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Fed Warning To Fake Covid Cures

Fed Warning To Fake Covid Cures
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FTC warns companies to stop peddling fake COVID treatments and cures

The Federal Trade Commission announced it has sent letters warning 20 more marketers nationwide to stop making unsubstantiated claims that their products and therapies can prevent or treat COVID-19, the disease caused by the novel coronavirus.

This is the ninth set of warning letters the FTC has announced as part of its ongoing efforts to protect consumers from health-related COVID-19 scams. In all, the Commission has sent similar letters to more than 330 companies and individuals.

Some of the letters announced today target products and “treatments” the FTC has warned companies about previously, including intravenous (IV) Vitamin C infusions, ozone therapy, and supplements. Others challenge claims that more obscure products and therapies can prevent or treat COVID-19.

For example, in this round of mailings, warning letters went to companies claiming that everything from copper water bottles to personal training, bead bracelets, and water filtration systems can fight the disease. However, currently there is no scientific evidence that these products or services can prevent or treat the disease.

The FTC sent the letters announced today to the companies and individuals listed below. The recipients are grouped based on the type of therapy, product, or service they pitched as preventing or treating COVID-19.

Bead Bracelets:
Bombshell Beads, LLC (Mount Juliet, TN)

Copper Water Bottles:
Copper H2O (Blaine, WA)

Fitness Classes/Personal Training:
Camp TUF (Pantego, TX)

Indoor Tanning/Red Light Therapy/Intravenous Ultraviolet Light Therapy:
I B Tan (Citrus Heights, CA)
Vibrant Life Oklahoma (Claremore, OK)

Peptide Therapies/Intravenous Vitamin Drips and Injections/Intravenous Laser Therapy:
Age Management Institute Santa Barbara (Santa Barbara, CA)
MD Beauty Labs, P.A. (W. Palm Beach, FL)
Murfreesboro Bio Renew Clinic (Murfreesboro, TN)
Park Avenue Skin Solutions (New York, NY)
Revive Colorado (Denver, CO)
Tribeca Wellness Collective (New York, NY)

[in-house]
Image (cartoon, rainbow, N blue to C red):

Ozone Therapy/Stem Cell Therapy and Immunotherapy/Intravenous Therapy:
American Regenerative Clinic (Bingham Farms, MI)
Health and Wellness of Carmel (Carmel, IN)
Howard Robins, DPM (New York, NY)
The Fuel Stop (New York, NY)

C’est Si Bon Company (Torrance, CA)
Integrative Health Carolinas (Charlotte, NC)
Robert O. Young (Valley Center, CA)

Water Filtration Systems:
Hector Gotay Feliciano, dba Gotay’s Group Systems and Cebilon Puerto Rico (Puerto Rico)
Karen Martí Reyes, dba Cebilon Y Vivenso #1Germany Sistem “Premios Awars [sic] 2020” (Puerto Rico)

In the letters, the FTC states that one or more of the efficacy claims made by the marketers are unsubstantiated because they are not supported by scientific evidence, and therefore violate the FTC Act. The letters advise the recipients to immediately stop making all claims that their products can prevent or treat COVID-19, and to notify the Commission within 48 hours about the specific actions they have taken to address the agency’s concerns.

The letters also note that if the false claims do not cease, the Commission may seek a federal court injunction and an order requiring money to be refunded to consumers. Last April, the FTC announced its first such case against a marketer of a purported COVID-19 treatment, Marc Ching, doing business as Whole Leaf Organics. The case was settled in early July, with Ching agreeing to an order barring him from making the allegedly deceptive claims.

In July, the FTC filed a federal court complaint against California-based Golden Sunrise Nutraceutical, Inc. alleging that the seller was falsely advertising its $23,000 Emergency-D Virus treatment as an “FDA Accepted” plan for treating COVID-19. The complaint alleges that the company continued to market its COVID-19 treatment even after receiving a warning letter from the FTC in April 2020.

In addition, the FTC recently announced several federal court cases filed against marketers who allegedly make false promises about being able to quickly fulfill orders for facemasks and other personal protective equipment. One of those actions also included charges against the sellers of a product called “Basic Immune IGG” that claimed to treat or prevent COVID-19 and have FDA approval, according to the FTC’s complaint.

Finally, last week, at the FTC’s request, a federal court in Ohio has issued a temporary restraining order against 25 counterfeit websites that allegedly have been playing on consumers’ COVID-19 pandemic fears to trick them into paying for Clorox and Lysol products that the defendants never deliver.

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